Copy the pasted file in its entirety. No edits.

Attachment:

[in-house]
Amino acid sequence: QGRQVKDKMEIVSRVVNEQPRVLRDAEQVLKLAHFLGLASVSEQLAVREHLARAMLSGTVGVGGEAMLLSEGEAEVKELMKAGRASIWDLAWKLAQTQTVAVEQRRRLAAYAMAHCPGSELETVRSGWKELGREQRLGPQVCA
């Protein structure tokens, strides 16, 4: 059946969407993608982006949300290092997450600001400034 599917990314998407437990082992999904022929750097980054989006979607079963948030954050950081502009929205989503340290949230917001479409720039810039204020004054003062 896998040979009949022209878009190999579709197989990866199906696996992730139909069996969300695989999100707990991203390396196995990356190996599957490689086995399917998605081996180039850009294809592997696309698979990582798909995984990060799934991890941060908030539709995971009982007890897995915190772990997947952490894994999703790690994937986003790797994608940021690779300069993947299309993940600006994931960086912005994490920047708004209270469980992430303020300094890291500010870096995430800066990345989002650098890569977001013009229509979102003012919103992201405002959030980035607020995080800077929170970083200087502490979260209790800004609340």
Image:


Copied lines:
[in-house]
Amino acid sequence: QGRQVKDKMEIVSRVVNEQPRVLRDAEQVLKLAHFLGLASVSEQLAVREHLARAMLSGTVGVGGEAMLLSEGEAEVKELMKAGRASIWDLAWKLAQTQTVAVEQRRRLAAYAMAHCPGSELETVRSGWKELGREQRLGPQVCA
């Protein structure tokens, strides 16, 4: 059946969407993608982006949300290092997450600001400034 599917990314998407437990082992999904022929750097980054989006979607079963948030954050950081502009929205989503340290949230917001479409720039810039204020004054003062 896998040979009949022209878009190999579709197989990866199906696996992730139909069996969300695989999100707990991203390396196995990356190996599957490689086995399917998605081996180039850009294809592997696309698979990582798909995984990060799934991890941060908030539709995971009982007890897995915190772990997947952490894994999703790690994937986003790797994608940021690779300069993947299309993940600006994931960086912005994490920047708004209270469980992430303020300094890291500010870096995430800066990345989002650098890569977001013009229509979102003012919103992201405002959030980035607020995080800077929170970083200087502490979260209790800004609340």
Image: